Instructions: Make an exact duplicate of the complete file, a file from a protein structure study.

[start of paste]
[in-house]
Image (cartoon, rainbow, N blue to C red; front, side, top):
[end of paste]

[in-house]
Image (cartoon, rainbow, N blue to C red; front, side, top):